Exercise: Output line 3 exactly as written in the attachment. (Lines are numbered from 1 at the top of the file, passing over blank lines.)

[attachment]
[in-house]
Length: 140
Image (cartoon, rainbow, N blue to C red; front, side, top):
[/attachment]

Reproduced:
Image (cartoon, rainbow, N blue to C red; front, side, top):